This blog is brought to you by PowerScore Law School Admissions Consultant Jeff Gardner
I recently helped a student cut a 4-page personal statement down to a lean, mean, Oh-Wow-I-Can’t-Believe-We-Squeezed-It-Into-Two-Pages essay. She needed a 2-page statement for several schools that required it and, although this client had a number of experiences we agreed showed some tremendous personal qualities, I felt one of the experiences needed to be removed because there simply wasn’t enough room.
It was one of the toughest editing jobs I have done in a while. Once we were done, the student told me she was happy with the statement, but wondered if it should have a conclusion. After some thought, I gave her two reasons for why it did not need one.
- We would have had to cut even more from the statement to make room for a conclusion, which would have meant removing what we had already decided was really good information; there simply was not any fat left to cut out. We’d already taken out some very good stuff–if we removed even more material, what would we really be replacing it with? Nothing new, just a summing up of what she had already told her audience in the rest of the essay.
- A conclusion would have been something that basically amounted to “I hope the experiences I told you about in the last two pages make you think that I am a hard-working, dedicated person who cares about others and who would be a great addition to you law school.” This kind of paragraph violates the “show, don’t tell” rule that we should always follow in a personal statement: The actual experiences and thoughts and deeds that you yourself felt and did will always speak for themselves–thus, there is no good reason to sum them up. Additionally, it’s more effective to let the reader draw their own conclusions about you based on what you write. Anytime you start saying things like, for example, “this shows what a great problem-solver I am,” or “this demonstrated my abilities in academia,” you run the risk of making readers think you are trying to tell them what to think.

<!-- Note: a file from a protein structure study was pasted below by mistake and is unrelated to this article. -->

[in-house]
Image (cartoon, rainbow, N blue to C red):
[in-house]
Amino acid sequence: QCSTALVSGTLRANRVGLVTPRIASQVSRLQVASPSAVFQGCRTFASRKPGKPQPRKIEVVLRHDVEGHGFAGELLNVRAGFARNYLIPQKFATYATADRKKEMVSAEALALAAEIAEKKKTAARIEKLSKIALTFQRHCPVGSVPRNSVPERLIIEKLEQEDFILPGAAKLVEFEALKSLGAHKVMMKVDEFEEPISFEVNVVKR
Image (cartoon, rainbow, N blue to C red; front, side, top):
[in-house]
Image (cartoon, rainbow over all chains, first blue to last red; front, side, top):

A well-crafted personal statement can start off by briefly stating what you are trying to show, but then going right into the actual “showing.” For example, a statement that starts off, “There are three major experiences in my life that helped me decide to apply to law” leaves no doubt about what what the essay will discuss. When you are done writing about those three things, there should be no question in the reader’s mind about your purpose. Sometimes, a personal statement can be successful simply by jumping right into the facts. The client I mentioned above, for example, began her statement by saying, “When I got to _______(a foreign country) I was appalled by the health conditions,” and proceeded to discuss her efforts to assist a group trying to provide free vaccinations to the populace. Since she had already both told and shown her story within the essay, there seemed to me to be no reason to restate anything she had said at the end.
Perhaps the most compelling argument against writing a conclusion in your personal statement is that there is something powerful about leaving the reader wanting more. A personal statement, especially one that is required to be only two pages long, is not intended to look or feel like a term paper. In my client’s case, writing an essay that discussed how she helped the villagers and ended with, “I know my efforts didn’t change the world–but hopefully they were a good beginning” leaves a “hmm, yes–I hope so, too” lingering feeling in the reader’s mind. It draws them into the story. Adding a conclusion on top of that could “break the mood,” so to speak.
Of course, there are always exceptions to the rule, and so none of that is to say that a conclusion can never work. It is sometimes perfectly acceptable to sum things up, especially if you are writing a more academically-oriented personal statement. When my clients write about how they chose a topic for an honors thesis, it makes sense to have some kind of conclusion because the statement centers on their own thought process in an academic setting. In that kind of statement a conclusion can feel more natural.
In conclusion, don’t feel like you have to make your personal statement sound like a thesis. But if you’re writing about a thesis, feel free.